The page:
Race against time to record military past
AVIATION photographer Jeremy Flack is involved in a momentous project that will probably take him the rest of his life – compiling a photographic library of every surviving 20th century military structure in the country.
From World War Two pill-boxes and “dragon’s teeth” concrete tank traps to remnants of early RAF air-bases and underground bunkers from the Cold War, Jeremy wants a photographic image of them all.
The hugely ambitious project involves locating and correctly identifying structures before photographing them to create a record of hundreds of thousands of images – possibly as many as a million.
It is also something of a race against time as buildings such as long-abandoned aircraft hangars from both world wars, derelict Army bases and rotting structures from the Cold War are often bulldozed to make way for new developments.
His ultimate aim is to create a central website where photos and descriptions of the structures can be accessed as a major research tool for decades to come.
Jeremy, 62, of Old Town, Swindon, is eight years into his military heritage venture and has photographs from 21,000 locations in the bag – but he acknowledges that he has a mountain to climb.
He said: “It really is a long-term project. I reckon there could be up to a million military structures from the 20th century still around. There are 25 airfields within 20 miles of Swindon alone.
“My aim is to create a computer programme featuring as many of the surviving structures as possible. Hopefully I can log and photo most of them before they vanish.”
Father-of-two Jeremy, who lives off Marlborough Road, added: “It will be far too big for a book. I want to create a computer programme – a database with links to other websites that people will be able to use and refer to in years to come.
“This is going to take the rest of my lifetime. I would like to think I can finish the project. I could do with a bit of funding though – some sponsorship would be nice.”
Jeremy, who has lived in Swindon all his life, is one of country’s leading aviation photographers and has had 26 glossy and often weighty photo-books published.
Over the past 45 years he has built up an unrivalled library of around 250,000 photographs, largely of aircraft, both civilian and military, although some focus on the Army and Navy.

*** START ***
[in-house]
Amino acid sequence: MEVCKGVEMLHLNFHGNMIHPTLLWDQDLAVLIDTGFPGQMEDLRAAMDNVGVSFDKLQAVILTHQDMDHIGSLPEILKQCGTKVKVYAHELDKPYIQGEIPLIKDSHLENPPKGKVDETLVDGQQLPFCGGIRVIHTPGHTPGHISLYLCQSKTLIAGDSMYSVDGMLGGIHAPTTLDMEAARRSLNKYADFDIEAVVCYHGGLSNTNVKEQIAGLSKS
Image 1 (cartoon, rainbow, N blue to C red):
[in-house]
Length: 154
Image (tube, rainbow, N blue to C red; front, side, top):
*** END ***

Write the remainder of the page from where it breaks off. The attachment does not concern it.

His wife Julie helps him manage his vast library, Aviation Photographs International (API) comprising around 200,000 slides and 50,000 digital images.
It was as a result of visiting bases in 2005 for a book called The Modern RAF that he embarked upon his 20th Century Military Structures marathon.
He said: “I was trying to get a list of every RAF base, a definite record for a book I was doing. But there didn’t seem to be a central body with all of the information.
“So I started compiling a list from my own knowledge and research – from all of the existing RAF bases going right back to early ones of World War One.”
Jeremy soon found himself expanding the project to include Army and Navy bases, and then every structure that had a military role during the entire century.
The list is extensive. He said: “Airfields only make up a small part of the sites that are spread across the UK. Army camps, POW camps, storage depots, docks are all to be included.
“There were also a substantial number of lines of defence running east to west and north to south across the UK.
“While reasonably documented, these lines of defence known as ‘stop lines’ incorporated ditches, pillboxes, anti-tank guns and anti-tank blocks.
“They often follow a feature such as a canal or river and were designed to hold up any invading force until reinforcements could arrive.
“It is estimated that some 9,000 pillboxes alone were built during World War Two, when it was considered that the Nazi invasion threat was very real.”
Jeremy’s research even includes locating the likes of Home Guard drill halls.
He has travelled countless miles recording sites with military connotations, often spending several days away, but is looking for others with a similar interest to chip in and send him information and images.
“There are so many of these sites around – I want to document and photograph them,” he said.
Jeremy can be contacted at: firstname.lastname@example.org.
His website can be viewed at http://www.freewebs.com/20thcenturymilitarystructures
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